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Kirsten Childs’s “Bella” Tells A Brash, Rollicking Tale


For all the reservations I have — and I have plenty — about Kirsten Childs’s Bella: An American Tall Tale at Playwrights Horizons, I can’t help admiring the piece, laughing and smiling over various bits of it, and applauding Childs’s undaunted, apparently borderless ambition. Bella is way too much of a good thing, but it couldn’t be that without having been a very good thing in the first place. It wants to be a brash, brassy, old-fashioned American musical — think of it as what would happen if David Merrick had gotten hold of Suzan-Lori Parks’s Venus — but it also wants to be a feminist parable, a lesson in Black history, a moral melodrama, a new folk tale to match those already embedded in our collective cultural memory, and a romance that traverses multiple genres. But to complain that Childs didn’t succeed at rolling all these things into one reasonably cohesive and not-over-length evening is like complaining that she failed to ascend Mount Everest in ballet slippers. She may not have reached the summit, but she got way above base camp.

The heroine of Childs’s epic and drolly farcical take on African-American female sexuality is Bella (played sweetly by Ashley D. Kelley), a Mississippi child of former slaves who, as the opening number informs us, is also a “big booty Tupelo gal,” with a prominent derriere that rivets male attention and gives her an optimal resource for the era of the bustle. A significant reminder of her African heritage, Bella’s behind, like that of the historical Sarah Baartman — the “Hottentot Venus” at the center of Parks’s reflective play — is her bane as well as her principal asset. Its prominence gets Bella, a wholly unhistorical figure, into difficulties just as often as, in a series of bawdily comic adventures, it rescues her from them. Her ancestry speaks to her through “the Spirit of the Booty,” played by the same actress who saucily embodies Bella’s no-nonsense grandma, NaTasha Yvette Williams.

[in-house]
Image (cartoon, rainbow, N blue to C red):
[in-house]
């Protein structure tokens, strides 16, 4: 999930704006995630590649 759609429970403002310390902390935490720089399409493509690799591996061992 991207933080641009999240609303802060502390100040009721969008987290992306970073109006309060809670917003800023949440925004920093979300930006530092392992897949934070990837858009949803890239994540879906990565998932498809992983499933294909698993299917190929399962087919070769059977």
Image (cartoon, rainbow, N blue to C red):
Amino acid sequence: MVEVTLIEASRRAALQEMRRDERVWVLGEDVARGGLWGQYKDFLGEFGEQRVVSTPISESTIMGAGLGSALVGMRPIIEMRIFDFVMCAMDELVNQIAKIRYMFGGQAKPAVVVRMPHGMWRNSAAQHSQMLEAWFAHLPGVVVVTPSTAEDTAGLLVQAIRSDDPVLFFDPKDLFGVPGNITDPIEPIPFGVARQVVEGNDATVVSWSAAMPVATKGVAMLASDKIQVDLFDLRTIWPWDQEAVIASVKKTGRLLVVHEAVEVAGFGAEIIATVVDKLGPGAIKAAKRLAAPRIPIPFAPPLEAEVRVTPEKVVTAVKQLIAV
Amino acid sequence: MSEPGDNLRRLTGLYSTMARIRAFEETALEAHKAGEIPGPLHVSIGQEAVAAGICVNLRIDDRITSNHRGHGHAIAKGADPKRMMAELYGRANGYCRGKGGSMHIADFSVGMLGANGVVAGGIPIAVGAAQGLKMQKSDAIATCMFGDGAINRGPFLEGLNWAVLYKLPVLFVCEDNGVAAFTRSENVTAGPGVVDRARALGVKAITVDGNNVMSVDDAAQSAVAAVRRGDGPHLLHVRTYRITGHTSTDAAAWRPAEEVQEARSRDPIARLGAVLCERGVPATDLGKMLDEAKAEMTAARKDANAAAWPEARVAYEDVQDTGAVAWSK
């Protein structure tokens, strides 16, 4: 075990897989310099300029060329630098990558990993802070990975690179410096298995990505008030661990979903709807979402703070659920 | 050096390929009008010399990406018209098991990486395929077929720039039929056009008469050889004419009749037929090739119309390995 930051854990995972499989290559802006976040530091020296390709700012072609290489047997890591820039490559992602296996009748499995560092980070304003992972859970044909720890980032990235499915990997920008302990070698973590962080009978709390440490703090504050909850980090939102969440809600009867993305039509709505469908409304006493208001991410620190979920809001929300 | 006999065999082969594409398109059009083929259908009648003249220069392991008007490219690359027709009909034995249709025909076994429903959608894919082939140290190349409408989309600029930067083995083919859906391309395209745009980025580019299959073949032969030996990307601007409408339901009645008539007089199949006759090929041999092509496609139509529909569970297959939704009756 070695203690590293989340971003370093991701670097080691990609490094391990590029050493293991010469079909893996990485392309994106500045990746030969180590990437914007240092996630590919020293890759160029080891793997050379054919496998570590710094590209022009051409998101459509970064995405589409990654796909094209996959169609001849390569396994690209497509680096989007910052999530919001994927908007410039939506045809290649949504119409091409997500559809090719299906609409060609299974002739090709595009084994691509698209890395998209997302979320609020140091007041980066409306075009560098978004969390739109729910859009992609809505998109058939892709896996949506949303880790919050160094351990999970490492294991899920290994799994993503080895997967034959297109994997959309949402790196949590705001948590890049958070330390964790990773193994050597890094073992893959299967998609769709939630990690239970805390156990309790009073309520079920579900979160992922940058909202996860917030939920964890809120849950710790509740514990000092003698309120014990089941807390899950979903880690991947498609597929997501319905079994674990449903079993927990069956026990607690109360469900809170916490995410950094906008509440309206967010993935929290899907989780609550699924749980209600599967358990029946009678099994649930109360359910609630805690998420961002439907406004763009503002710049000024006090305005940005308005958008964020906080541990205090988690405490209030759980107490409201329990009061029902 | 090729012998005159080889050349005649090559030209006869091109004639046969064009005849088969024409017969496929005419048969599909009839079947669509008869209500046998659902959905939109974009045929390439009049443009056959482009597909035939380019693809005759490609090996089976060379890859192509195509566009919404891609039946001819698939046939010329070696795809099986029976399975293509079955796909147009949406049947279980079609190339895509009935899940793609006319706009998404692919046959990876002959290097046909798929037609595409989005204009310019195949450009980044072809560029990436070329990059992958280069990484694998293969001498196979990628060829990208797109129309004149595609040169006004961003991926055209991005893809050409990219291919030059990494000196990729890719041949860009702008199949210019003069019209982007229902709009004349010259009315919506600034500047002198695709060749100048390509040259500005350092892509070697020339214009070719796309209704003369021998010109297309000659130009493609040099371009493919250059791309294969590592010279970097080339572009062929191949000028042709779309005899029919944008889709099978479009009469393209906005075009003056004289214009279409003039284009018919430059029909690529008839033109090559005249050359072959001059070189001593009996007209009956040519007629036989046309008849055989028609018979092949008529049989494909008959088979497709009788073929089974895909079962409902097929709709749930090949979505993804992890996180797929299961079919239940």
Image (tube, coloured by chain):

Having to escape Tupelo, where her shape has attracted and subsequently warded off an arrogant plantation owner who goes by the tall-tale name of Bonny Johnny Rakehell (played with panache by Kevin Massey), Bella crosses the South by train. Her intended goal is New Mexico, where her fiancé, Aloysius Honeycutt (Britton Smith), serves among the “buffalo soldiers,” runaway slaves recruited by the Union Army to battle the Confederacy, and deployed postwar in Western forts. Predictably, many extravagant adventures interrupt Bella’s journey, along with digressions brought on by her equally extravagant imagination. She’s serenaded by a Mexican bandito (Yurel Echezarreta), nearly sidetracked by former slaves settling in Kansas, and wooed with cowboy song by a wealthy Chinese rancher (Paolo Montalban), who inexplicably mutates into a Vegas-style male stripper.

For a resounding finish, Bella is trapped by train robbers and, when her ever-resourceful rear endowment cushions her escape, she winds up in a traveling circus that makes her the toast of Europe while humiliating and exploiting her. (The sequence evokes not only Parks’s Venus but also early scenes of Bernard Pomerance’s The Elephant Man.) Via the circus, Bella’s odyssey — did I mention that the train she travels on is named the Southwestern Odyssey? — finally reaches home, but Aloysius turns out to be no analogue for Odysseus’s patient Penelope, and Bella turns her attention to the devoted Pullman porter who’s rescued and pursued her repeatedly, Nathaniel Beckworth (Brandon Gill). Though this plot turn is no surprise, I wouldn’t have given it away except to add that the character gets Childs’s best song, “Nothin’ But a Man,” which Gill delivers, touchingly, with a marvelous Nat King Cole–ish suavity.

Possibly the song also stands out because suavity, and quietude in general, are scarce commodities in Bella. The performance is never overstressed or overly frenetic: Robert O’Hara, a skilled and sensitive director, has carefully balanced the work’s vast number of competing elements. The problem simply lies in the fact that Childs has provided so many competing elements: Stories pile on top of stories, digress within stories, reflect back on or interrupt other stories. “A life crowded with incident,” as Wilde’s Lady Bracknell said of simple, unspoiled Cecily Cardew. Except that Bella’s experience truly is a crowded one.

The crowding suggests an anxiety on Childs’s part that seems to have, like her tale itself, multiple sources: the desire to make sure her moral comes across clearly, or to make sure she covers all the historical matters that fascinate her, or simply to make sure the audience is having a good time. She needn’t have worried so much. Her musical skill, her humor, her inventiveness, and her gift for finding an odd angle from which to approach every topic all combine to form a secure backing for her cheerfully improper tale. Encasing them all is Childs’s overarching generosity of spirit, which extends to giving even her racist villain, Bonny Johnny, a fine song — a Scots border ballad in style — in which to strut his stuff. It makes no sense to quarrel with an artist of that capacity and that openness. If Bella is excessive, her next work very well may not be. Structures, like styles, are found, not imposed. And as Mae West, herself a product of the period in which Bella takes place, once remarked, “Too much of a good thing can be wonderful.”

Bella: An American Tall Tale
Playwrights Horizons
416 West 42nd Street
Through July 2